Tanak, a former Pirelli Star Driver, was quickest through the opening stage and stayed out front for the rest of the day, collecting fastest times on six of the day’s eight stages south of the rally’s base in Olbia.
His only concern today was whether he had damaged his car when it bounced off one of the enormous rocks lining the route in the Oristano area. By the end of the day he had carved out an advantage of 25.7 seconds from fellow Ford driver Martin Prokop.
“It’s been a tough day,” said Tanak. “I’ve never been here before, so I haven’t been pushing at the maximum. There are so many rocks everywhere, if you go a little bit off the line then they can catch you out and put you out of the rally. We have been careful. The car has worked really well, we’ve had no problems. I was worried after a big hit in the fourth stage, but the car was good. Today has not been the sort of day when you could make the attack.”
Prokop spent much of the day in second place, moving past Nasser Al-Attiyah who was second early on. Al-Attiyah is fourth at the end of day one after he caught Hermann Gassner in stage seven and then suffered a fire when a damper burst on his Fiesta in the day’s final stage.
Czech driver Prokop admitted his day hadn’t been entirely trouble-free. “I don’t know what it is,” he said. “Today has been really hard. All the time, the road is turning, turning, turning. I don’t feel I have made the best of today, maybe it’s me - maybe I’m getting old! With the number of corners coming all of the time, there has been no time to enjoy these stages today.”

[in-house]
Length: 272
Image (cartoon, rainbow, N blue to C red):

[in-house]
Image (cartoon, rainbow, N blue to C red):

The highlight of Prokop’s day was his quickest time on the Monte Grighini Sud test, reckoned to be one of the day’s toughest.
Finland’s Juho Hanninen holds third place at the end of day one in his Skoda. The Red Bull driver was subdued, however, after his Fabia had been blighted by brake problems for the duration of the day.
“There is no pedal at the end of the stage,” he said. “We have lost it. I had to slow down in the long stage. The day was not starting so well for us, either, when we had a right-front puncture near the end of a morning stage. I haven’t been fast enough today, we have to push again tomorrow.”
With fourth-placed Al-Attiyah more than three minutes behind, the fight for victory on this third round looks to be between the provisional podium sitters.
Bernardo Sousa (Ford Fiesta S2000) is fifth, with Hanninen’s Skoda team-mate Hermann Gassner sixth after spending much of the afternoon in front-wheel drive when a differential failed on his car.
Karl Kruuda, who topped the SWRC standings prior to the start, suffered more problems than most, after a puncture in the morning followed by his Skoda’s motor lapsing onto three cylinders for two stages.
“Not nice...” was about all the explanation needed from the 18-year-old Estonian.
Albert Llovera rolled his Abarth Grande Punto while Eyvind Brynildsen retired after his Fabia struck a rock on stage four.